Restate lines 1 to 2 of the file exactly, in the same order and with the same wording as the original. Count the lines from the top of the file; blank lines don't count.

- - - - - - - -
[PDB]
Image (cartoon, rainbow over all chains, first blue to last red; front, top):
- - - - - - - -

[PDB]
Image (cartoon, rainbow over all chains, first blue to last red; front, top):